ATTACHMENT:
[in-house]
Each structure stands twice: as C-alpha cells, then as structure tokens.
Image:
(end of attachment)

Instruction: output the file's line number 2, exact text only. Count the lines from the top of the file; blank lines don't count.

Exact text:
Each structure stands twice: as C-alpha cells, then as structure tokens.